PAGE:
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How should you teach your puppy its first commands?

You’ve just welcomed a new member into the family, and everyone is delighted! Soon, you’ll probably want your dog to learn some simple commands that will keep the atmosphere calm and peaceful for everyone.  But when should you start training a puppy? Which commands should you start with? This article has the answer. 

Which commands should your puppy learn first? 

Our advice is to start with easy commands, which form the basis of learning. Often these commands are combined with others, so learning the basics is essential. 

1. Learning its name 

This seems obvious. Start by teaching your dog to understand when you are calling it. To do this, call it regularly by its name (avoid nicknames at first, you don’t want to confuse it). 

Praise your dog as soon as it looks at you, turns to you or comes towards you. You can also lure your pet with a small treat to make the reward even more enjoyable.

Repeat this dozens and dozens (even hundreds) of times until it understands that you are calling it. Be careful, never call it to reprimand it, as it will associate this command with something unpleasant and will therefore be tempted to ignore you (they can be little rascals!). 

2. Learning to sit

This is often one of the first commands a puppy is taught. Making it sit down will be very useful when you want to make it wait, avoid danger, curb its excitement and so on.

To teach this command, stand in front of it and say the chosen word (e.g. sit). Hold a treat in one hand and show it to the dog. Wait for your dog to sit down by itself and reward it with a treat as soon as it puts its bottom on the ground. Don’t hesitate to praise it verbally and out loud. Repeat this process as often as you can. Your pet will soon realise that it will get a reward when you tell it to sit, and it does.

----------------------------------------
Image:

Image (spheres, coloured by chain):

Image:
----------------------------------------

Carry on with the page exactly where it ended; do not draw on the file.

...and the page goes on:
3. Learning to welcome people 

We all love it when our dog is delighted to see us when we get home. While this can be cute sometimes, it can also quickly become unmanageable (the dog that doesn’t give its owner time to get into the house, the big dog that jumps on his owner and almost knocks them over, the dog that can’t control its bladder).

Ideally, the dog should be allowed to calm down. The first thing to do is not to get your dog any more excited than it already is. Tell it to sit still and not to move, to give it time to calm down on its own. If necessary, ignore it. When your dog is perfectly calm, allow it to say hello. If it starts to get excited again, repeat the procedure.


Your puppy understands a lot, so don’t wait too long to start training it. Be patient and hang in there! 

So, what are your own thoughts on the topic? Do you have any tips and tricks to share about puppy training? Let us know! 

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